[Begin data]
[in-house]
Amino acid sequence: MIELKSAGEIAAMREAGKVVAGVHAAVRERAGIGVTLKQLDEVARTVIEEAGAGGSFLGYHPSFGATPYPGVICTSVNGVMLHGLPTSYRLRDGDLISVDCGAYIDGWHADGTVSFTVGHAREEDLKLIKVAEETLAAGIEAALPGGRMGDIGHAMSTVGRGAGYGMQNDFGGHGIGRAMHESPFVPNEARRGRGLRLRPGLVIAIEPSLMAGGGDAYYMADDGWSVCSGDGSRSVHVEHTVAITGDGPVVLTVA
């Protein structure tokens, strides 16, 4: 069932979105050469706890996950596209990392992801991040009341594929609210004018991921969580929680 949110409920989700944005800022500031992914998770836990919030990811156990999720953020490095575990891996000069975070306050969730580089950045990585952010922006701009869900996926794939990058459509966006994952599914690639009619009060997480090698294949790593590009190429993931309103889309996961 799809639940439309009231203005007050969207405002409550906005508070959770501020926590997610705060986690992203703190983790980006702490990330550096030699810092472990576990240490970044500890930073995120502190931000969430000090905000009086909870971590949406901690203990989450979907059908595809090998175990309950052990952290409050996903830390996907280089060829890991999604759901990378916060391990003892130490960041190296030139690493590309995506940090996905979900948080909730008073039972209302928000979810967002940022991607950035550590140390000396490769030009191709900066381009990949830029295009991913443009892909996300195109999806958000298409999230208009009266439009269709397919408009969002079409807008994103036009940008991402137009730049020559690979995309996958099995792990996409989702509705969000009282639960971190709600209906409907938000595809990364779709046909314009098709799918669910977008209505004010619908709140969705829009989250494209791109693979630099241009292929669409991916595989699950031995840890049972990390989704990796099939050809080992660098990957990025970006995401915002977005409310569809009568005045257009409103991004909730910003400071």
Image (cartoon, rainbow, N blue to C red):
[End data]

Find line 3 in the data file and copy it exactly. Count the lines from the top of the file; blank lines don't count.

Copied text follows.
């Protein structure tokens, strides 16, 4: 069932979105050469706890996950596209990392992801991040009341594929609210004018991921969580929680 949110409920989700944005800022500031992914998770836990919030990811156990999720953020490095575990891996000069975070306050969730580089950045990585952010922006701009869900996926794939990058459509966006994952599914690639009619009060997480090698294949790593590009190429993931309103889309996961 799809639940439309009231203005007050969207405002409550906005508070959770501020926590997610705060986690992203703190983790980006702490990330550096030699810092472990576990240490970044500890930073995120502190931000969430000090905000009086909870971590949406901690203990989450979907059908595809090998175990309950052990952290409050996903830390996907280089060829890991999604759901990378916060391990003892130490960041190296030139690493590309995506940090996905979900948080909730008073039972209302928000979810967002940022991607950035550590140390000396490769030009191709900066381009990949830029295009991913443009892909996300195109999806958000298409999230208009009266439009269709397919408009969002079409807008994103036009940008991402137009730049020559690979995309996958099995792990996409989702509705969000009282639960971190709600209906409907938000595809990364779709046909314009098709799918669910977008209505004010619908709140969705829009989250494209791109693979630099241009292929669409991916595989699950031995840890049972990390989704990796099939050809080992660098990957990025970006995401915002977005409310569809009568005045257009409103991004909730910003400071």